It’s been three months since a primary-offense seat belt law went into effect.
And how are Marion County drivers doing?
It could be better.
Failure to wear a seat belt has been against the law since 1993, but for the past three months, it’s been classified as a primary offense. An officer could pull you over for speeding or some other moving violation and cite you for not wearing a seat belt. But they couldn’t pull you over solely for the offense.
Despite years of “Click it or Ticket” promotions and the change to a primary offense, we noticed that there are people who still drive unbelted. We noticed it, but we wanted a little hard data to show just how many people were driving without wearing their seat belts.
Like a similar study we completed in July concerning talking on cellphones, we sent our reporters to the streets to do a little investigative journalism on the seat belt issue. We identified four busy intersections in the county and asked each reporter to carefully observe traffic in one lane for a one-hour period, count the number of cars that passed and make a notation of each “unbelted” driver.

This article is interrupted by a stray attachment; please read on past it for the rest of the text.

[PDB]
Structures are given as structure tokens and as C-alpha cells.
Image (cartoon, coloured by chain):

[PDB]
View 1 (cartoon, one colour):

Scientific? Probably not. But we believe it gives a good sample to start from.
During the morning rush hour, a reporter was stationed at Water and Buffalo streets in Mannington. Of the 115 drivers who passed by, 22 of them, or 19 percent, were not wearing their seat belts.
At lunchtime, a reporter watched the intersection of Locust Avenue and Fourth Street in Fairmont. Out of the 223 drivers who passed our reporter, 35 of them were not belted, about 16 percent.
The East Side fared about the same 16 percent during the evening rush hour. The reporter counted 561 cars that passed by, with 91 drivers not wearing seat belts at the intersection of Morgantown and East Park avenues.
White Hall drivers had the best record with 14 percent of drivers not wearing seat belts during the evening rush hour at the intersection of U.S. 250 and the access road to Walmart. Out of the 350 cars that passed, 50 drivers were not belted.
We were attempting to get a good blend of the county at different times of the day. If the reporter could not immediately identify whether a driver was wearing a belt, the car was not counted. There were not that many of those cases.
We did not want to point out winners or losers when it came to a particular area of the county, and a plus or minus 5 percent difference is a respectable margin for even a nationwide survey.